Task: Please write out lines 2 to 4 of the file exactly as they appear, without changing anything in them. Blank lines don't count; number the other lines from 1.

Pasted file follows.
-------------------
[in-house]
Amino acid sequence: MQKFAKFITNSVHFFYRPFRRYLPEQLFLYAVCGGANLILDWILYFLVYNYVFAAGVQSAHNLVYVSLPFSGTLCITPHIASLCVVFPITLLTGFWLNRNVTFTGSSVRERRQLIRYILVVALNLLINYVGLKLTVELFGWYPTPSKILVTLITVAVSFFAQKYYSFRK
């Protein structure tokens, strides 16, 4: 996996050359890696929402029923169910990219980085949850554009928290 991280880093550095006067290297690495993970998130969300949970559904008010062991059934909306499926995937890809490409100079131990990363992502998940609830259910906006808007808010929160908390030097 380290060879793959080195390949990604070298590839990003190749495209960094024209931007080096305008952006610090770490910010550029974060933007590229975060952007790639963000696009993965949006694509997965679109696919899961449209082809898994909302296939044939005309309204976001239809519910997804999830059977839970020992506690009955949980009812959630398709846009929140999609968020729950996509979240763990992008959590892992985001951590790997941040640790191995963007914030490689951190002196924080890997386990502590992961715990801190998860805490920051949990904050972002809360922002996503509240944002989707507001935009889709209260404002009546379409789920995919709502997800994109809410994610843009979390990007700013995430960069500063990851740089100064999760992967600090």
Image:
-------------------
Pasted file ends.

Amino acid sequence: MQKFAKFITNSVHFFYRPFRRYLPEQLFLYAVCGGANLILDWILYFLVYNYVFAAGVQSAHNLVYVSLPFSGTLCITPHIASLCVVFPITLLTGFWLNRNVTFTGSSVRERRQLIRYILVVALNLLINYVGLKLTVELFGWYPTPSKILVTLITVAVSFFAQKYYSFRK
């Protein structure tokens, strides 16, 4: 996996050359890696929402029923169910990219980085949850554009928290 991280880093550095006067290297690495993970998130969300949970559904008010062991059934909306499926995937890809490409100079131990990363992502998940609830259910906006808007808010929160908390030097 380290060879793959080195390949990604070298590839990003190749495209960094024209931007080096305008952006610090770490910010550029974060933007590229975060952007790639963000696009993965949006694509997965679109696919899961449209082809898994909302296939044939005309309204976001239809519910997804999830059977839970020992506690009955949980009812959630398709846009929140999609968020729950996509979240763990992008959590892992985001951590790997941040640790191995963007914030490689951190002196924080890997386990502590992961715990801190998860805490920051949990904050972002809360922002996503509240944002989707507001935009889709209260404002009546379409789920995919709502997800994109809410994610843009979390990007700013995430960069500063990851740089100064999760992967600090």
Image: